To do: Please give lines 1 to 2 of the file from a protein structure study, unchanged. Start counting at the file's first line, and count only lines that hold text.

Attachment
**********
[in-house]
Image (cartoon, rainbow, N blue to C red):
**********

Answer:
[in-house]
Image (cartoon, rainbow, N blue to C red):